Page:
Time, how it works, how we experience it, and how it records itself for us are the central themes of Divers. Anecdotes gives us characters (named after birds, in a charactonym that is characteristic of Newsom but once again not without another layer of meaning), a central theme, and questions to be answered later. The following song, Sapokanikan, densely intertwines archaeology with poetry to try to excavate a long-dead city that stood where New York’s Washington Square Park and Meatpacking District now stand. In a crucial pair of lines, impressionist Arthur Streeton is recalled to have inscribed the name of a presumed lover, “Florry Walker,” into his brilliant Spring painting, offering the first possibility of temporal transcendence and a contrast to the Ozymandian outlook to civilizations at large – love, certainly, but Newsom is equally concerned with art’s own ability to create and reconfigure time, and that is her supreme achievement this time around.

If it is not apparent by this point, Divers is not an album that you listen to in the background, or that you listen to once or twice. It is an album to which you devote 52 uninterrupted, attentive minutes, or maybe even 104, or 156, or 208, as the album seems to request. On the first level, Newsom is playing with her themes through a series of relevant vignettes. Goose Eggs offers extended flight metaphors to comment on a couple not united in the decision to move across the country; Waltz of the 101st Lightborne is a sci-fi story taking place after some kind of apocalypse; the seven-minute centerpiece Divers is a tale of unrequited love; and Same Old Man, a traditional song beautifully reworked here, is a bitter remembrance of an abandoned New York City. Much of the material can loosely be termed “love songs,” concerned with the permanence or lack thereof of love and memory.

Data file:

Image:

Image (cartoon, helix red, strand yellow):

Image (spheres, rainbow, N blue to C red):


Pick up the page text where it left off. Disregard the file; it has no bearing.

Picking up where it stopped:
Whether this makes Divers a “concept album” or not is an argument of semantics more than anything. Like most of the best albums, there is a sense of unity to the songs and importance to their order, and in this case they could all function as snapshots in time that lead to accumulated wisdom, culminating in the undoing of linear time itself. At the same time, however, most of the songs contain an internal logic. The magic here is that the juxtaposition of particular points of view and images from song-to-song create new interpretive possibilities.

Musically, too, these songs differentiate themselves from one another and largely from Newsom’s previous work. It is immediately apparent that Newsom’s upper register is more controlled and classical than ever. Song-by-song, her musical diversity becomes equally impressive. The harp is not the primary instrument on any of the first three songs, for starters, but the Kate Bush vibes on Anecdotes (likely a coincidence related to singing voice and classical piano leanings), dissipate within a song. The marxophone, mellotron and drums of Leaving The City create a fuller sound than Newsom is generally associated with, the playful beginning of Goose Eggs doesn’t have the melody we might expect from her, and the darkness of Divers comes as a surprise. Often times the melodies soar, instruments layer, and Newsom’s voice sustains one turn of phrase after another, but the sparsity of The Things I Say and A Pin-Light Bent are just as memorable.

The former is particularly notable. “Profoundly beautiful” is a phrase often used, and adding adverbs to beautiful in general seems to suggest something hyperbolic, but there is no other phrase that seems quite so appropriate for the song – not because of the sheer breadth or enormity or intensity of its beauty, but because Newsom’s sparse accompaniment lends something profound to her lyrics that would not exist otherwise.